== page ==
#5- Online Local News
The print form of a newspaper is dying, but journalism surely isn’t.
The local newspaper has two jobs:
- Connect the community with local news and content that is of importance.
- Connect local businesses with the local community.
There are two ways to approach this:
Create the content yourself like a real newspaper. This is more capital intensive, but it can give you a chance to shine when it comes to content and having something unique. Mix it in with social interaction and bringing community together. You can syndicate some content from local blogs. You can’t compete with a local print newspaper when it comes to printing dead trees, but why would you want to? Instead get a leg up and go after where they are weaker, and are transitioning to: online. Example- My hometown local paper the bergen record has 170k subscribers for the print version. Their online version is at northjersey.com and has approximately 300k unique visitors a month. Their site is terrible, the content is stale, and you could easily attack them on this front. Let them bleed money due to their dead tree revenues, languish with a poor online strategy, and dominate them by focusing solely on the online portion. The problem is scaling this business to a national level. You would eventually need a lot of capital and there’s no guarantee success in Market A will translate to Market B. This is not a business to go after for the easy hearted or those looking for a “quick flip”. On the flipside, you could build the next great media company. Two great examples of companies doing this well:
Patch.com (just acquired by AOL) and pegasusnews.com .
2- Create an aggregator. People are already putting local news online. Take that content, aggregate it, and make it highly searchable. Everyblock and outside.in do this. Ironically, everyblock was acquired as I write this post. I think both of these companies are awesome, but the model isn’t defensible to me – you rely upon other people’s content. I can’t see people abandoning their local paper for an aggregator, but I can see them abandoning their local paper for the same thing, but online and more interactive.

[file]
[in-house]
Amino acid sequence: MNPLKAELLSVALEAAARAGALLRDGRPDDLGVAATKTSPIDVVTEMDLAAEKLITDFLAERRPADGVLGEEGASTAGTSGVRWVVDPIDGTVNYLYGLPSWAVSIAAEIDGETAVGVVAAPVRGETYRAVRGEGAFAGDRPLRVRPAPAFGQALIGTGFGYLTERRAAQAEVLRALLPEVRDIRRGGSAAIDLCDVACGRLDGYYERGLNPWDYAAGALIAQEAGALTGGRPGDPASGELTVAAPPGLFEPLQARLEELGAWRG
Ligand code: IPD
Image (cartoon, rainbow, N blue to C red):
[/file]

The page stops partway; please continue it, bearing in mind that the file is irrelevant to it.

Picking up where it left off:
I agree with Mike Orren. The key to success here isn’t just the content and technology, but the sales aspect of it all. You need to connect with local businesses and you need to show them value. If you don’t have that proposition down and a sales team that can highlight that, you’re doomed. This business will not run off Adsense.
What would a Scripps Media for today’s generation look like??
#6 – “App Store” / Marketplace For SaaS (Software as a Service) Apps
**When I refer to SaaS here, I’m mostly referring to paid business/productivity apps such as Basecamp, Balsamiq, or Dropbox**
I remember the days of boxed software growing up as a kid. I loved getting Computer software catalogs in the mail or visiting places like CompUSA, Egghead software,etc. It was fun to see the new pieces of software that would come on to the market. They were like a toy store for me.
Fastforward 15 years or so, and now everything is starting to be delivered on-demand. As a former founder of a SaaS startup, one of the biggest questions I had was “How the hell do we get sales out the gate?” It wasn’t like boxed software where people would be browsing a catalog or going to a small and/or large store to browse through. It was more like having one location and having to bring everyone there. Imagine if you were a boxed software retailer and you had to drive everyone to your physical locations all by yourself back in the 80s/early 90s? Also imagine if the only way to get iPhone apps was through browsing each software owners website instead of the App Store (no, you didn’t even have an independent directory)? That’s exactly what it’s like for most SaaS apps. Sure 37 Signals doesn’t have a problem, but odds are you won’t be 37 signals, nor do you need to be.
Also as a company looking to buy into SaaS apps, you really have no one place to go. Sure you can google around for some reviews, but that’s annoying. You definitely don’t have a complete list and database of all your choices either. There are some awesome apps that are launched every day, that most companies will never ever see. So where is the unified directory and “App Store” for SaaS applications?
- Billing and tracking sales is a huge aspect of this. You wouldn’t want to handle billing for every SaaS software, or require it for acceptance. Most would never go for that. You would probably have to negotiate individual deals with SaaS startups.
- Some of the bigger companies like Freshbooks and 37Signals have affiliate programs. Just embed affiliate links into the store and directory.
- You would make money in a few ways: Referral fees as described above, premium listings in the directory, advertising, and also potentially job listings for integrators/consultants on the bigger platforms (Think SalesForce consultants).
- You would also be creating a brand by becoming the defacto source for all things SaaS. If a new app launches, you’ll have it there first, with a review, screenshots, thoughts,etc. You could also do tips/tricks for software (I know I have a ton for Dropbox).
#7- Online Auctions aka “How To Sell Your Stuff”